The "ERP management unit" (with the acronym BLUD) has to be set up first, which of course makes perfect sense, and it apparently will be established in July.  Following that establishment, tenders for the design, installation and operation of the congestion pricing scheme will be let.

However, I'd urge some caution.  It would make sense for the ERP management unit to be bedded down and establish its objectives and procurement strategy before jumping into procurement.

As part of that the report notes

Korlantas chief Insp. Gen. Condro Kirono said police were gathering vehicle data for the ERP electronic registration and identification (ERI).

“We have held workshops with police offices and have supervised their digital data collection,” he said. 

A key element of any congestion charge will be reliable identification of number plates and associating plates to owners who can be billed/fined as appropriate. This is already proving to be a problem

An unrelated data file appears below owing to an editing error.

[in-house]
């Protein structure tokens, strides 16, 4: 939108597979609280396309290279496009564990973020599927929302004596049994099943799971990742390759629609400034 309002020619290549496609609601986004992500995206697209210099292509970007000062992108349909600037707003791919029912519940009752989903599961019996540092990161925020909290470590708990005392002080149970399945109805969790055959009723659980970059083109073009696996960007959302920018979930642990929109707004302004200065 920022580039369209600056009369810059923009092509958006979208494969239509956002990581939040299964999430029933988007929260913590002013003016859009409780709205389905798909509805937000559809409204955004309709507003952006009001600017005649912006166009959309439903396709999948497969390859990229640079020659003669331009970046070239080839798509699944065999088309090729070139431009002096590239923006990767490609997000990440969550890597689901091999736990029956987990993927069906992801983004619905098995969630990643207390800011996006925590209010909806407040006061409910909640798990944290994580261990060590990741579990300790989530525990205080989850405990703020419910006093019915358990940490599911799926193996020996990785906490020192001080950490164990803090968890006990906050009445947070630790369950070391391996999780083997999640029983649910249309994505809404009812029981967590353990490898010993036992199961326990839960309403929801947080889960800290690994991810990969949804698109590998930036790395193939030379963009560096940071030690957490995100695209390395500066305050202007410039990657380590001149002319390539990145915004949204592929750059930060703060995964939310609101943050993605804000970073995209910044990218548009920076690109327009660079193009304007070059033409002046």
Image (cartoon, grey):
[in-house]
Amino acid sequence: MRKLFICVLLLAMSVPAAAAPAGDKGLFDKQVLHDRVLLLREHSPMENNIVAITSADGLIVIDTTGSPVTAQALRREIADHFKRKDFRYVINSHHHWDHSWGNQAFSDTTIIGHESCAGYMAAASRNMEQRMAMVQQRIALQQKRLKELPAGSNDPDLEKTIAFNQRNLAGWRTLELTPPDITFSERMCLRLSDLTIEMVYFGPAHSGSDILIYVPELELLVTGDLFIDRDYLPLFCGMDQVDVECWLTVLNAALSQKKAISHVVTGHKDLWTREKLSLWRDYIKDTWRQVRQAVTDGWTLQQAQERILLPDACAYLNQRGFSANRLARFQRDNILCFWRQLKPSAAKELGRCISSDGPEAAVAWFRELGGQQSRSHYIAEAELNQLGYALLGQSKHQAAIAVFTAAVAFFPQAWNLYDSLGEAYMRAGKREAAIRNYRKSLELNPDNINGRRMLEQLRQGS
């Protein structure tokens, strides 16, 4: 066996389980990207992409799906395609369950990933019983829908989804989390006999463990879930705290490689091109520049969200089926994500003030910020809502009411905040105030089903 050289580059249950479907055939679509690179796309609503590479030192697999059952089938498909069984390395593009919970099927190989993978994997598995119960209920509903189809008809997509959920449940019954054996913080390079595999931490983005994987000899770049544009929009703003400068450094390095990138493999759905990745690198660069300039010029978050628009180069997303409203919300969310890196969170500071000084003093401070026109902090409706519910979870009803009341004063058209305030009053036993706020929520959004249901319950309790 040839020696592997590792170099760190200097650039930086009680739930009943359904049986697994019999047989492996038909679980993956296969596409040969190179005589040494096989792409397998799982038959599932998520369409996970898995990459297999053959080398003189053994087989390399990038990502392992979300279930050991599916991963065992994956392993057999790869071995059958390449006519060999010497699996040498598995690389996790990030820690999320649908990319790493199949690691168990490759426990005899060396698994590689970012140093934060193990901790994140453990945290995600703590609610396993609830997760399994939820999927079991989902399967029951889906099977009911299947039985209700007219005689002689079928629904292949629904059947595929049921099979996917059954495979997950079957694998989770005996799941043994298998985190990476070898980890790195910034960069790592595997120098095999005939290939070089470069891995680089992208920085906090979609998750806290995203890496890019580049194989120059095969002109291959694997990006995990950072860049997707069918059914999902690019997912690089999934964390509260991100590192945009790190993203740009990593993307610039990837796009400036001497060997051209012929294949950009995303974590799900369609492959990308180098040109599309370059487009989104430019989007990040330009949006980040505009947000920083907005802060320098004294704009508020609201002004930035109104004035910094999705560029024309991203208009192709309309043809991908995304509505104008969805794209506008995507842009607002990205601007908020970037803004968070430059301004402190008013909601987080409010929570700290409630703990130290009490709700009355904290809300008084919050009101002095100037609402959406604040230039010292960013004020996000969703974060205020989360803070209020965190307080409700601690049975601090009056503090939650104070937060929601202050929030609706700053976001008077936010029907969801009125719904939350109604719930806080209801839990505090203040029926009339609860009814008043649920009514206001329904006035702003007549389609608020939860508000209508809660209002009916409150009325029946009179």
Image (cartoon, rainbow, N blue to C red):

The proposed congestion pricing scheme fits into the vision of Jakarta as a "Smart City" although that "Asia One" article weirdly thinks that 4,800 CCTV cameras will help this, when it really has little to do with it (except perhaps a related function of monitoring traffic volumes)

A substantial public marketing campaign is proposed to be launched in September/October, but it does have some major problems as Asia One news reports (includes TV report in English):

One of the challenges facing the implementation of ERP concerns motorists using small shortcut roads. Jakarta has a complicated network of roads which includes small shortcut roads.

The provincial government is well aware that motorists may try to bypass the ERP by using shortcut roads. But while taking such a route may save some money, it may not save time because during peak hours shortcut roads are even more congested.

This of course, is the key problem with proposals to charge only main roads.  There effectively needs to be a cordon put in, or parallel charges introduced for alternative routes.